The six have never been officially identified. In the testimony taken down by the police, 18-year-old “Kr” stated that Hoshino had beaten the police officer who died, though this was then later denied in court. The statement from “Ao” (19) said that Hoshino had told someone to throw a Molotov cocktail. Again, this was then retracted in court. “Ar” (17) denied that Hoshino had beaten the officer, though his statement also says he had said to throw a Molotov cocktail. This was then denied in court. The other three prosecution witnesses were all aged 20 or over, and gave statements that they had seen Hoshino in the vicinity. Two of them agreed to testimonies presented by police — in Japan, the police draw up the statement, which the detainee is encouraged to sign — in which they allege Hoshino was the one who hit the officer, though once again, the two denied this in court. The sixth arrested student denied everything the police tried to pin on Hoshino and refused to testify in court.

The police are said to have suggested to Kr — whose testimony became the lynchpin of the prosecution’s case — that the person he saw was Hoshino. Kr believed he saw someone wearing a brown jacket hitting the officer with a metal pipe, though he did not see the face. The police then told him that only Hoshino was wearing a brown jacket that day, so logically it must have been Hoshino. In this manner, Kr’s statement points to Hoshino being the perpetrator.

A manhunt for Hoshino began in February 1972 and he went into hiding. He was eventually arrested in August 1975 and charged with being accessory to the death of the riot police officer. Another man, Masaaki Ōsaka, is still wanted for his purported role in the incident and his poster can be found displayed at most police boxes in Tokyo.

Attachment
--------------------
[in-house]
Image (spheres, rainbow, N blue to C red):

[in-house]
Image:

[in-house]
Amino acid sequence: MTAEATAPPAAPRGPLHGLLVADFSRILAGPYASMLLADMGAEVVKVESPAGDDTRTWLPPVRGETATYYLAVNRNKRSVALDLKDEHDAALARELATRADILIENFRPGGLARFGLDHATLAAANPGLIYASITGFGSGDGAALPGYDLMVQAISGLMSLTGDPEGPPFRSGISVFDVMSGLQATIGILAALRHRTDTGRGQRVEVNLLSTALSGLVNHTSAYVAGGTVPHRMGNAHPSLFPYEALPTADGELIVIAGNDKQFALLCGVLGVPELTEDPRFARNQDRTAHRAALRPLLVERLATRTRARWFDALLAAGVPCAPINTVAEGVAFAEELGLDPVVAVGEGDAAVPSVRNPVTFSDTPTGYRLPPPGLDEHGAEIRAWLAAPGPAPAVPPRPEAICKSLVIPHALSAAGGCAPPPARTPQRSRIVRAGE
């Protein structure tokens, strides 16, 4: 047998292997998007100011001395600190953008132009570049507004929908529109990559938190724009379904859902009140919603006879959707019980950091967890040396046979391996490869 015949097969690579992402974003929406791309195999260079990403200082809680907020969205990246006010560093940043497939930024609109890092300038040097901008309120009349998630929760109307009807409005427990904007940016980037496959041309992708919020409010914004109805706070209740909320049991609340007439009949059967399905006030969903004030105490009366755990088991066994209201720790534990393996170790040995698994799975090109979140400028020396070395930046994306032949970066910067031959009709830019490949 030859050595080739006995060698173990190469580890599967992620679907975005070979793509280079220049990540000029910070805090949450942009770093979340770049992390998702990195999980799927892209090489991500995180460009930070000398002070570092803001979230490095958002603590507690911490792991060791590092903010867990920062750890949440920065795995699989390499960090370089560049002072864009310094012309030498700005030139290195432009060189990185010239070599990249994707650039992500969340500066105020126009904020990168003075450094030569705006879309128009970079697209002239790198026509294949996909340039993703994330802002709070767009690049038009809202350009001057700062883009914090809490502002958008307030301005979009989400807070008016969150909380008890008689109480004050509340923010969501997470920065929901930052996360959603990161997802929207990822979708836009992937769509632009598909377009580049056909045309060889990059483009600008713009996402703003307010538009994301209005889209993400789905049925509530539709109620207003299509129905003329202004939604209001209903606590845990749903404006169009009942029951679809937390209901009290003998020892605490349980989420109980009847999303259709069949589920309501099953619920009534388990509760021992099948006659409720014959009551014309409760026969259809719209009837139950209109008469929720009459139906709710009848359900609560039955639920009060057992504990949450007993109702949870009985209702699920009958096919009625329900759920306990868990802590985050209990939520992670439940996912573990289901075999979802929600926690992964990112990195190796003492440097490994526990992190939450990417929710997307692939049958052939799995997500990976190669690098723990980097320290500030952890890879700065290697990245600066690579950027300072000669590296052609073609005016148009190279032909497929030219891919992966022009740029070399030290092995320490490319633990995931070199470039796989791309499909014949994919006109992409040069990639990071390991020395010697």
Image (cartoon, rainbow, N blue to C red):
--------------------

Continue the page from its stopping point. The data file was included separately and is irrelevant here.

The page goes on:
It often shocks outsiders to learn that the Japanese police keep arrested offenders incommunicado for extended periods of time, and that the initial 23 days where they may detain suspects can be easily continued by a re-arrest. With no right to counsel, the only thing at the disposal of arrested offenders is silence. Maintaining a state of total silence — not even confirming their name — is something that Hoshino and others have stoically persisted with for decades. To break silence and speak to the police is akin to the tenkō (apostasy) of the Japanese Communists of the pre-war period, who recanted their ideologies in prison. Hoshino has never spoken to the police. In court, he has answered questions but he refused to co-operate with the authorities during the investigation. To do so is not only to participate in their strategies to force a confession out of you but also to acknowledge the very legitimacy of their position. For many years (and still today), the non-partisan support group Kyūen Renraku Sentaa (Relief Liaison Centre) encouraged arrested activists of the New Left to memorize a phrase requesting the police contact them to provide legal assistance (the arrestee has no right to make a telephone call).

Japanese prisons do not allow photography and so there is no recent image of Hoshino, only the self-portraits he paints. He has effectively disappeared. His first trial for his part for the 1971 death was held behind closed doors. In 1979 the prosecution had initially sought the death penalty, though this was met by a campaign to raise 1 million signatures to petition the authorities. Over 120,000 signatures were collected. The trial ended in August 1979 with a guilty verdict and a punishment of 20 years. So why is Hoshino not free now?

An appeal was taken to the Tokyo Supreme Court, who upheld the conviction and also made the unusual decision to make his punishment as harsh as possible with the exception of the death penalty. It rules that he would serve a full life sentence without parole — in other words, that he should die in prison. Even for a conviction for pre-meditated murder, this is an atypical sentence, the kind only reserved for high-profile or sensational crimes. But given how his trial had been closed, Hoshino’s case cannot be said to belong to this genre. It is rather the culmination of the treatment meted out by the state to offenders in the later protest cycle in Japan, where, under threat, the establishment grew increasingly punitive. It is worth remembering that the death sentence was handed down to several New Left radicals in the late 1970′s as the trials for the United Red Army and East Asia Anti-Japan Armed Front campaigns concluded. Hoshino was placed in the same category as these activists at a time when the state was determined to eradicate militancy.